Newsmagazines were television's most successful genre in the 1990s, consistently attracting the younger audiences, 18-to-49-year-olds. '60 Minutes' invented the genre back in 1968. Its success meant journalism and the public it intended to serve, would have another mark on the credit side of the ledger. One news producer made the point, "News changes every day, and each day is a great game." The tried-and-true format of all newsmagazine shows were: 4 major stories for each telecast (of which 3 were usually feature-length stories, (1) either consumer-oriented or human-interest, (2) hard-news or investigative, (3) personality piece or celebrity profile and the last short segment often called "bright" normally covered trends ("social and cultural landscape"). 

Andrew Lack of NBC News had said in 1994, "We've been exploring the idea of engaging viewers with news and information in ways that never existed before, and they're responding in ways that we, as programmers, never believed they would." Neal Shapiro of 'Dateline NBC' expressed, "My philosophy is that it's not that interesting to do TV shows on TV stars, unless they've become so big that even a news-minded person who doesn't watch a lot of TV would still have heard a lot about this person or this show and would want to know more." Rick Kaplan of 'PrimeTime Live' remarked, "We think if we do one amazing piece a week, viewers will stick around and see what else we have to offer. The stories are people-oriented, topical news that is easily recognizable to all age groups." 

Andrew Heyward of '48 Hours' made the observation, "I think these shows fit the pattern of the way people now (in 1992) watch television. People are busier. They work harder and longer. They can't sit in front of the set every week. We have an advantage because on a news show you can get the full measure every week, even if you haven't watched in a month. You missed nothing with any character as you would in a drama show." '60 Minutes II' was created in 1999 because Jonathan Towers believed, "Long-form non-fiction is experiencing a renaissance. CBS News wants to get as much out of that rebirth, that change in the media landscape, as it can."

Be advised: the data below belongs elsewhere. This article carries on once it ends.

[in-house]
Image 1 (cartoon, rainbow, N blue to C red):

Neal maintained, "I think I have a good sense of what makes a good story. Even when I'm walking down the street, if I see something I ask myself if that's a trend or something we should be covering. We've shown that the public is willing to watch hard news as well. The exciting thing about television is that it's still a new industry." However unlike print, "the medium is unique." Andrew Lack added, "I don't think the audience responds to the look and the packaging (set, music, graphics). If that were really true, then '60 Minutes' would have failed years ago." Catherine Lasiewicz of 'Street Stories' described the program which went on air in 1992 as "a hybrid" of '60 Minutes' and '48 Hours' in that "the pieces are more magazine-like, with a beginning, a middle and an end...about everyday people, not trends." 

Insisting "there is an audience for a better class of current affairs", Jana Wendt, "the next best thing to royalty in Australian television", turned down an offer to present the Australian 'Nightline' program a week before Christmas 1995 to front the 'Witness' program in 1996. Jana made known, "Both foreign and local stories have a part in current affairs." 'Witness' was said "has become the TV industry's most intense talking point." The program's producer Peter Manning recalled, "Jana and (producer) Gareth Harvey went to Israel for a story on the Israeli bombing of Lebanon, on the understanding that the item be 13 minutes long. They insisted it be 20 minutes. Jana had done an excellent job, but in my view it should not have run the length they insisted it did. That is a classic role of an executive producer - to make a cooler judgment back home with the local audience in mind, to a reporter and producer in the field...My view was that the story was, after 15 minutes, too boring and it had a big audience turn-off."

Jana remembered, "We were going into Lebanon when there was friction between Lebanon and Israel, and it was an extremely dangerous situation. We discussed at length the pros and cons of doing such a story, sending a crew into such a dangerous spot. As it happened, we were one of 2 crews at the Cana United Nations base in Lebanon when it was bombed and about 100 people were killed, a most remarkable event to cover. I had secured interviews with senior people in the Israeli and Lebanese governments. Having gone through this experience I was told it was to run 10 minutes. Having been asked to get every possible facet of the story and then to be told it was 10 minutes was rather a blow." 

By 2006, the acting dean of the University of Oklahoma's journalism school told Associated Press newsmagazines had "morphed into something that is farther away from news and much closer to entertainment. They're a long way from their roots." Susan Zirinsky of '48 Hours' reasoned, "I think the audience feels that the real-life drama that was the bread-and-butter of magazine shows was supplanted by the artificial reality of reality television." Reporter Chris Hansen acknowledged, "The challenge for us is also to make it journalistically solid."

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